Unless we change course, the US agricultural system could collapseTom PhilpottThe GuardianPicture an ideal dinner plate. If you're like most Americans, it features a hearty portion of meat, from animals fattened on midwestern corn and soybeans, and a helping of vegetables, largely trucked in from California. The unique landscapes we rely on to deliver this bounty – the twin jewels of the US food system – are locked in a state of slow-motion ecological unravelling.California's agricultural sector has flourished from decades of easy access to water in one of the globe's biggest swaths of Mediterranean climate. The Sierra Nevada, the spine of mountains that runs along California's eastern flank, captures an annual cache of snow that, when it melts, cascades into a network of government-built dams, canals and aqueducts that deliver irrigation water to farmers in the adjoining Central Valley. In light-snow years, farmers could tap aquifers that had built up over millennia to offset the shortfall.But the Sierra snowpack has shown an overall declining trend for decades – most dramatically during the great California drought of 2012-2016 – and it will dwindle further over the next several decades as the climate warms, a growing body of research suggests. A 2018 paper by Lawrence Berkeley National Laboratory researchers articulates the alarming consensus: a “future of consistent low-to-no snowpack” for the Sierra Nevada, the irrigation jewel of our vegetable patch.Even as snowmelt gushing from the mountains dwindles, the Central Valley farming behemoth gets ever more ravenous for irrigation water, switching from annual crops that can be fallowed in dry years to almond and pistachio groves, which require huge upfront investments and need to be watered every year. As a result, farm operations are increasingly resorting to tapping the water beneath them. Between 2002 and 2017, a period including two massive droughts, farmers siphoned enough water from the valley's aquifers to fill Louisiana's Lake Pontchartrain three times.As the water vanishes, the ground settles and sinks in uneven and unpredictable ways, a phenomenon known as subsidence. By 2017, large sections of the Central Valley were sinking by as much as 2ft a year. In addition to damaging roads, bridges, houses, sewage pipes and pretty much all built infrastructure, subsidence snarls up the canals that carry snowmelt from the Sierra Nevada. Thus we have a vicious circle: reduced snowmelt means less water flowing through government-run irrigation channels, which pushes farmers to pump more water from underground, causing more subsidence that damages those channels and reduces their flow capacity, pushing farmers to accelerate the cycle by pumping more water from underground.There's no great mystery about how to halt the withering away of California's water or Iowa's soilSeventeen hundred miles to the east, the prevailing agriculture system consumes a different but equally precious resource: soil. When white settlers seized what we now call the corn belt from indigenous inhabitants in the 19th century, they found thousands of miles of prairies and marshlands, with hundreds of species of perennial wild grasses, legumes and flowers that towered over their heads, with roots plunging just as deep into the earth, burying carbon from the atmosphere and feeding a teeming web of micro-organisms that break down and cycle nutrients. Above ground, vast herds of bison ate their way through fields, stimulating new plant growth and recycling nutrients through their manure.Interactions between Native Americans, plants, animals, microbes and climate left behind a majestic store of fertile topsoil that scientists call mollisol. Even today, the US midwest boasts the largest of four major mollisol stores on the planet. Mollisols develop over millennia yet can be squandered in decades. US colonial-settler agriculture transformed this ecological niche, a land mass 1.5 times the size of California, into a factory churning out just two crops – corn and soybeans.This kind of agriculture fouls water as a matter of course. Since corn and soybeans are planted in the spring and harvested in the fall, the vast majority of corn-belt farmland lies bare for the winter months, leaving the ground naked when storms hit. These deluges pummel bare topsoil and send it – and the agrochemicals and manure farmers apply to it – cascading off farms and into streams and creeks that flow into rivers, lakes and ultimately the Gulf of Mexico. But there's another problem with subjecting the land to the same two crops every year: loss of the region's precious black topsoil. According to research by the soil scientist Rick Cruse, Iowa – and much of the surrounding corn belt – is losing soil at a rate 16 times the pace of natural replenishment.Again, climate change is a driver. Today's farmers encounter a weather regime radically different from that of their grandparents: more intense off-season storms, and thus ever-heavier pressure on the soil. If global greenhouse gases continue rising, the region faces a 40% increase in precipitation by the late 21st century, according to the Fourth National Climate Assessment. The soil that makes one of the globe's most important growing regions so productive is vanishing before our eyes, degrading a crucial food production region at the very time when climate change and global population growth call for building resilience.There's no great mystery about how to halt the withering away of California's water or Iowa's soil. California needs to shrink its agricultural footprint to match the scale of its water resources, which means other regions of the US should ramp up their own fruit and vegetable production to make up the difference. In the corn belt, US federal farm policy should stop paying farmers to overproduce corn and soybeans, and instead push them to diversify their plantings and keep their land covered all winter – practices known to maintain high levels of production while also preserving soil, decreasing water pollution and slashing the need for pesticides and fertilizers.Reduced demand for agrichemicals, however, pinches the bottom line of the agrichemical behemoths, and a turn from corn-and-soybean dominance will dent profits for the meat companies that rely on cheap, overproduced feed. These companies divert a share of their income into lobbying and campaign finance, and their interests shape US farm policy. But it doesn't have to be that way. Just as creating a sane climate policy requires the rise of a social movement to negate the power of the fossil fuel lobby, a better agricultural regime will require a direct political challenge to big agribusiness.Climate justice and food justice are, in fact, the same fight – the struggle to beat back corporate dominance and make the world livable for everyone.。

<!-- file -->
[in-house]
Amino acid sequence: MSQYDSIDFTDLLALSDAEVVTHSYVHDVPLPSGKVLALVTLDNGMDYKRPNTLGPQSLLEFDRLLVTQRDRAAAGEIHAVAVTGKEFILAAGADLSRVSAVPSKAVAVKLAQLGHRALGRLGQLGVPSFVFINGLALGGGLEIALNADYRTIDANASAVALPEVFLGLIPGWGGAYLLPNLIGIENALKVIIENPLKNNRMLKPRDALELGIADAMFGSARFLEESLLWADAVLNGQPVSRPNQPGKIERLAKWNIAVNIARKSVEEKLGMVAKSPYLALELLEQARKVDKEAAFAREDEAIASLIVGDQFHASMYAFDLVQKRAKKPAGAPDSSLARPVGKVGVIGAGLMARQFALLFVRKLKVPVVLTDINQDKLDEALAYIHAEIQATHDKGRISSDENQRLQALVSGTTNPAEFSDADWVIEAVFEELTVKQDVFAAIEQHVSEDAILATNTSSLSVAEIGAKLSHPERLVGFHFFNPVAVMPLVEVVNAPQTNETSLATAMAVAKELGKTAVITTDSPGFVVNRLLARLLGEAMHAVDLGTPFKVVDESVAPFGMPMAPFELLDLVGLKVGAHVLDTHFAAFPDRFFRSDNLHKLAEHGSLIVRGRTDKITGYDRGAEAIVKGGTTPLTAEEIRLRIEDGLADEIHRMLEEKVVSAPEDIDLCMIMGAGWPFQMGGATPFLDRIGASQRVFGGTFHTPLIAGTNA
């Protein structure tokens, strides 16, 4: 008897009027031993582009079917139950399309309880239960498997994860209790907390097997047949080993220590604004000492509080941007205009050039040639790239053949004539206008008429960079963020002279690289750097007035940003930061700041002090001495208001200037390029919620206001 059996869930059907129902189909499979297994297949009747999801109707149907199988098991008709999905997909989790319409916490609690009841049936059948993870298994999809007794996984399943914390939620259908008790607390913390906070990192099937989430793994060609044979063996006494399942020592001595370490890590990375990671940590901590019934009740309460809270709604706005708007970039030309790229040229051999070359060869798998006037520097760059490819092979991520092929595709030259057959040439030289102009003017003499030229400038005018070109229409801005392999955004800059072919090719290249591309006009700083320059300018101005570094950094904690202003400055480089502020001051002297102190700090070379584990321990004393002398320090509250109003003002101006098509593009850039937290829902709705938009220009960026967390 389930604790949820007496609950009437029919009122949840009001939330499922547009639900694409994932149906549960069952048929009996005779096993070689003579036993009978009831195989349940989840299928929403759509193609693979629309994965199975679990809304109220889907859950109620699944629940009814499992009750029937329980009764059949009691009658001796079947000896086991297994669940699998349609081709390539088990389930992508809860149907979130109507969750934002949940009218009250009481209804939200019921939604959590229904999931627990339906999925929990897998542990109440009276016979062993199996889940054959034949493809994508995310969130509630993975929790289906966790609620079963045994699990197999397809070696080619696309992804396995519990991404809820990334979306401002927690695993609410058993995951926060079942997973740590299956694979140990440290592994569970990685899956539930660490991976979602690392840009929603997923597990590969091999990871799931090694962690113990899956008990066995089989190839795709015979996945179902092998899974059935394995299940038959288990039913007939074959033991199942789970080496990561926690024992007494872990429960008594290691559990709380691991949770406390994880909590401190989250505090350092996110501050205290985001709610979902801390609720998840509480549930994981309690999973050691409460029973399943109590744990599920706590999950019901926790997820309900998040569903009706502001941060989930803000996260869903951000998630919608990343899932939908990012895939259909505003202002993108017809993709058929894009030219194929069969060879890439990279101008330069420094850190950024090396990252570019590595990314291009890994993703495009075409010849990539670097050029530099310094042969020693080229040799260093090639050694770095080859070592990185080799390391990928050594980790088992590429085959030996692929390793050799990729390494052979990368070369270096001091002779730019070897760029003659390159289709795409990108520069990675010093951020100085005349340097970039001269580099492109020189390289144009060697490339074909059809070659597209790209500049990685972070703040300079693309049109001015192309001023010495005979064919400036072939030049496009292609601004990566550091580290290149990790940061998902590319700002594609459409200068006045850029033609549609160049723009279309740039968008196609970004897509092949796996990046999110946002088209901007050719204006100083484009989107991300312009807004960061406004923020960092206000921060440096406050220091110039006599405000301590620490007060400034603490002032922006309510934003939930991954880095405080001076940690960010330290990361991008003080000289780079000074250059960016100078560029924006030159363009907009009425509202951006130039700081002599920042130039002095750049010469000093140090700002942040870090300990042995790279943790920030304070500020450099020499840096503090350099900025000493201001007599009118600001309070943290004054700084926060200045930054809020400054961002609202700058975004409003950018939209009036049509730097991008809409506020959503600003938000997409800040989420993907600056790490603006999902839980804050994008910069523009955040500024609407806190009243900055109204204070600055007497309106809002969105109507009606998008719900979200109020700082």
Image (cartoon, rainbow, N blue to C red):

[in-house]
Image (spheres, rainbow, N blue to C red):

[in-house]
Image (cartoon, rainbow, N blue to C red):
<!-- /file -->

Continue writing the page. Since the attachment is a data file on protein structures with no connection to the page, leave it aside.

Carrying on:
本文关键词:双语,阅读,美国,农业,体系,面临,庞大,危机,亚博APP手机版

本文来源:亚博APP-www.bachgame.com